Based on this, what do you understand to be our top LGBTQ concerns and priorities for the General Assembly? How will you respond to those priorities? All policy issues are LGBTQ+ policy issues, so certainly our community cares just as much about economic opportunity, the environment, public safety, and healthcare, among other issues, just as much as other groups. However, there are ways these issues specifically impact us – like the fact that we legally can be denied employment, healthcare or housing because we are part of the LGBTQ+ community. Particularly, I’ve been a strong proponent of the PA Fairness Act and the PA Safe Schools Act, as well as legislation banning the so-called ‘panic defense’ and banning conversion therapy.
You were elected to your first term in 2020. Tell us about your accomplishments during this term. If reelected, what are your policy goals for your next term. In my first term, I worked hard to be incredibly present in my district and for my district in Harrisburg, bringing back nearly $4 million in state investment so far in my first term. Together with my team, we’ve also worked to bring back information about state government to the district, providing state services onside at senior high rises, participating in an Emergency Preparedness Day Fair, working with local teen centers to increase the resources they have to serve kids and teens, partnering with the South Pittsburgh Coalition for Peace to make sure they were funded for gun violence prevention services, and bringing Liquor Control Enforcement and the PA Liquor Control Board to the district for a conversation about liquor issues and what we can do to address problem establishments.
As a member of the minority party, it’s incredibly difficult to get legislative priorities to move in Harrisburg. In fact, so far, no bill prime sponsored by a House Democrat has been signed into law this legislative session. I have used the amendment process to still advocate and fight: for example, I sponsored an amendment to a bill that would have allowed the placement of cameras in the bedrooms of nursing home residents by the resident, their guardian, or someone with power of attorney. My amendment removed the provision allowing the person with power of attorney to place the camera and was unanimously supported on the floor because of my advocacy around significant privacy concerns.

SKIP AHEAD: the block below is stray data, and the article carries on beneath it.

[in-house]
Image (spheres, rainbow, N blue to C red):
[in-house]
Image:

For my second term, I’m prioritizing addressing rising costs of living, while again acknowledging that if our party remains in the minority, we will have no control over what legislation receives a vote. I’m fighting for investments in our local businesses that struggled during COVID-19, a real living wage, paid family and sick leave, investments in childcare and other supports for working families, and investments in our public health infrastructure. We also need to fund workforce development, so that workers are prepared for emerging jobs and for jobs where we see current workforce shortages.
The threats of ‘religious liberty’ laws and exemptions target both LGBTQ rights and women’s rights. Pennsylvania has no law protecting marriage equality, second-parent adoption, nondiscrimination, or similar important rights. If SCOTUS overturns or waters down Roe v Wade and the ‘penumbra of privacy’ protecting us, what do you anticipate happening in Pennsylvania? If we elect Josh Shapiro as our governor, I know that he is committed to defending our rights, and I know that we will be able to sustain his veto. However, if we elect a Republican governor and the Republicans maintain control of both the PA House and Senate, we could see legislation passed significantly limiting our rights.
I don’t think Harrisburg has the will to move forward on Infrastructure funding. Convince me otherwise. If infrastructure were being solely funded through state appropriations, I believe you are right – we have seen no real political will from the majority party to move significant investments in infrastructure.
However, with significant federal funding in play, I do think the political will exists to invest that in the Commonwealth. For example, the Republicans were already willing to create the mechanism for the Commonwealth to receive federal investments in broadband internet infrastructure.
Seven transgender individuals, all BIPOC, have been murdered in Pennsylvania since February 2021. Five of those individuals were from Southwestern Pennsylvania and two of those murders have not been solved yet. It seems to me that community safety should prioritize finding violent murderers rather than interfering with school athletic